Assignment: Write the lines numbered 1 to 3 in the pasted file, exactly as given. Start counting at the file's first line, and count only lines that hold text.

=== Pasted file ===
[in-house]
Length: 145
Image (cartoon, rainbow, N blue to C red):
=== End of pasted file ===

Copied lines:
[in-house]
Length: 145
Image (cartoon, rainbow, N blue to C red):